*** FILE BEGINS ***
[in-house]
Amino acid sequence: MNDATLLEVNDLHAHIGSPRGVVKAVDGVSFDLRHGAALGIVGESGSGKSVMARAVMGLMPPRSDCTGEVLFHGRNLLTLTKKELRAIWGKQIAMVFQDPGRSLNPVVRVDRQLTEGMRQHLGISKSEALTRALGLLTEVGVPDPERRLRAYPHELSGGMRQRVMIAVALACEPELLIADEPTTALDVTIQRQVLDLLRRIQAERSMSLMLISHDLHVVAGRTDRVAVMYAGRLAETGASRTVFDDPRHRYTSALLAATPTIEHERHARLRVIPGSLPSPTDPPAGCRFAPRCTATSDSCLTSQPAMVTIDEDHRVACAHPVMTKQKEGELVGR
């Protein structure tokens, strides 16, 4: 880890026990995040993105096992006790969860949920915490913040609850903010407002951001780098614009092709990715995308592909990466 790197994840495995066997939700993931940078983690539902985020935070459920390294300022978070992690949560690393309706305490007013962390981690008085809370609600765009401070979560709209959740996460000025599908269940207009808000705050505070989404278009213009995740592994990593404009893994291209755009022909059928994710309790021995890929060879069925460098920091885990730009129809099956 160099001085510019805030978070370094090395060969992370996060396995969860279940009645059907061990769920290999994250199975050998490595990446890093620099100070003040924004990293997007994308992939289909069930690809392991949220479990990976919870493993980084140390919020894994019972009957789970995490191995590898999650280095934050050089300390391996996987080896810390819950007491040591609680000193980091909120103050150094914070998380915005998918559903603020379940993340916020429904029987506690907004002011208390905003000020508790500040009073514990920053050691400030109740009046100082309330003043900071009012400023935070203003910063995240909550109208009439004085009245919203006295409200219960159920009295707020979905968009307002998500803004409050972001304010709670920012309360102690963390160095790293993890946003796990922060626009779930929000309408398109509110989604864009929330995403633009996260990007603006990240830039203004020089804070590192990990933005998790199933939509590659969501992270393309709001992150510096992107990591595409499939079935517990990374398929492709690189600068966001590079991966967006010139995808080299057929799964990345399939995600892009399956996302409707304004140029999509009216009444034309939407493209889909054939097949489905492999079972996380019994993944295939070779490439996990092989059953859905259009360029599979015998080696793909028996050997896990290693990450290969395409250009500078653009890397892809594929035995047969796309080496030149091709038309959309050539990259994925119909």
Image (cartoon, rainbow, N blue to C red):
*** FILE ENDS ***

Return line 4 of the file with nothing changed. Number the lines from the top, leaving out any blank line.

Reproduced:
Image (cartoon, rainbow, N blue to C red):